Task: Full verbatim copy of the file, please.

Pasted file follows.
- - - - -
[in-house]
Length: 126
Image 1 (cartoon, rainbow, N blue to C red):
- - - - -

[in-house]
Length: 126
Image 1 (cartoon, rainbow, N blue to C red):